While he was gone, the company set up an open work environment. Special computers called SunRays were set up in coffee shops, cafes and offices throughout the company. Any employee with an identification card can simply put the card in a computer and start working as if at his or her own designated desk. If workers need an office that day, they sign up for one. Dillon can hop on a plane to a Sun office in Korea and get right to work without lugging a laptop with him. He is also set up at home.
When he became general counsel, he realized it was a 24-hour-a-day job. It made it more difficult to have quality time with his family. Sun's new open work program helped him figure out how to have good time with his family without feeling he should be at the office.
Dillon explains that his naval officer father was often deployed seven to nine months a year. "While I was growing up, he was always gone. It really created an awareness in me when I became a father how important that connection is with your dad," he said. With the Sun program, he has shifted some of his work hours so he can spend time with his three children and wife.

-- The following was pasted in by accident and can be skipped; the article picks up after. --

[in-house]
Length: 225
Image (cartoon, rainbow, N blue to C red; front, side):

Some mornings, he logs on to his SunRay, does a little work and then takes his 15-year-old son to school. "Even 30 minutes every few days in the car, just two of us talking, is very beneficial," he said. Dillon then comes home, does more work, and gets into an office around 10 a.m.
"We talk so much about a work-life balance. But I always wanted a clear demarcation between those two. Now they're getting integrated, and it's just life," Dillon said. "It used to be I'd try to go home on a Friday night with no work. I was trying to be an active participant with my kids. But the stress was mounting, knowing there would be a tsunami of e-mails on Monday." Now, he can hop on the network for 10 minutes at a time to answer e-mails or do other work.
"This allows me to better focus on family when I am with them."
If you have Life at Work column ideas, e-mail Amy firstname.lastname@example.org. There will be no online chat this week, but join her again from 11 a.m. to noon Tuesday, June 27, athttp://washingtonpost.comto discuss your workplace issues.